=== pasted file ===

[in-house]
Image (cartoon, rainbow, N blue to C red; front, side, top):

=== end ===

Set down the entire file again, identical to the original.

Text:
[in-house]
Image (cartoon, rainbow, N blue to C red; front, side, top):